Web Exclusive | January 2011 | By Sam Oches

Big Plans for Pint-Size Unit

Souplantation is shedding as much as 5,500 square feet for its new Express prototype. Will customers respond to the new service style?

The Souplantation Express unit trades buffet style for a prep station.
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Known for its buffet offering of salads and soups within large dining rooms, Souplantation is opening an Express prototype of its concept that the company hopes can deliver the brand to new markets and nontraditional locations.

Michael Mack, CEO of Souplantation parent company Garden Fresh Restaurant Corp., says the new Express prototype is intended to ride the rising success of the fast-casual segment.

“Even before the recession hit, we were seeing … opportunities for different channels for our products,” Mack says. “As we got into the recession, we noticed the differential performance of different sectors in the industry. We decided that we have a great brand, and we want it to be as convenient as possible for our guests.”

The first Souplantation Express unit, which opens January 17 in Carlsbad, California, will be 1,960 square feet, says Dan Anderson, vice president of business development and supply chain for the company. It will seat about 40 people in its dining room, and an additional 20 people on the patio.

A traditional Souplantation unit is around 7,000 square feet.

The Express prototype’s size will be suited to real estate the brand has never before fit in, Anderson says.

“The idea is we can build it in any range from about 1,500–2,000 square feet and be in an airport, be in a food court, be in a campus, be in a local plaza that has a grocery store—all of the places where you can’t fit a 7,000-square-foot [store],” he says.

Anderson, who has been in charge of seeing the prototype through to completion, says the Express store will include a prep station where customers can order most of the Souplantation menu favorites a la carte. A crewmember serves the soup or salad choice for the consumer in a to-go or dine-in container, and for salads, adds the customer’s choice of ingredients and tosses in dressing.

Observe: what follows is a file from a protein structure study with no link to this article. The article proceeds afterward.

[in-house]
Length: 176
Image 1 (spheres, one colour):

This type of service style, Anderson says, is a more convenient method for existing customers to eat at Souplantation. But it also provides an introductory touch point for new consumers.

“It’s [catered to] a different guest looking for the same type of food in a different way, because they don’t have the time to do the buffet or buffets aren’t their thing,” he says. “It’s got that element of to-go that we can’t offer in buffet affectively, which I think is going to be really appealing to people.”

Mack says the new prototype should help to attract customers unfamiliar with the Souplantation brand, but stops short of calling it a response to the boom in fast-casual salad concepts.

“We think we can expand the base of people eating our products,” he says. “We believe it’s a huge growth opportunity for us. We’ll always be mindful of what other people are doing, but it’s far more offensive than it is defensive.”

“The idea is we can build it in an airport, in a food court, in a campus—all the places where you can’t fit a 7,000-square-foot store.”

Ken King, senior consultant with National Restaurant Consultants, a Denver-based foodservice consulting company, says value, more than anything, is what consumers are demanding right now. But value doesn’t just involve price—it can also involve service style.

“Service methodology is going to be an interesting one to watch with the folks at Souplantation,” King says. “People like to help themselves, to feel like they have some control over the food that they get, which is why buffet concepts work very well.”

But King says Souplantation’s service switch can still work, so long as the company doesn’t make too big of a jump from what it founded its business on.

“When you try to change something that’s been successful, and you think what you’re going to do is revolutionary rather than evolutionary, it may be successful in the short term,” he says. “But long term, unless it offers a significant improvement upon what you’ve done before, I would question it.”

Mack says there are no long-term plans for the Express prototype yet and that there won’t be a big commitment to it anytime soon. Although he’s confident it will be a successful concept, he says the company doesn’t want to “complicate the growth process by carrying forward with some things that we can find out with the first couple, correct easily, and then step on the accelerator a lot harder.”

The plan for now, Mack says, is to simply include the Express model in the Souplantation arsenal and use it whenever the local market or real estate offerings require something more akin to scaled-down quick service than sit-down buffet.

“When it looks really favorable to expand the Express unit, we’ll hit that hard,” he says. “When it looks a little less favorable, we’ll be a little cautious there and go with the other prototypes.”